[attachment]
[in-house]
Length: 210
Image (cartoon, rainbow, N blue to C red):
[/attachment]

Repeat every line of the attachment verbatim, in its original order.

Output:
[in-house]
Length: 210
Image (cartoon, rainbow, N blue to C red):